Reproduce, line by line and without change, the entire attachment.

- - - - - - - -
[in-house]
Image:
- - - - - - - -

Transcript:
[in-house]
Image: